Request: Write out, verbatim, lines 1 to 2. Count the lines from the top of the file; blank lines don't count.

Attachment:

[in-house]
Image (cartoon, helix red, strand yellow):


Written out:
[in-house]
Image (cartoon, helix red, strand yellow):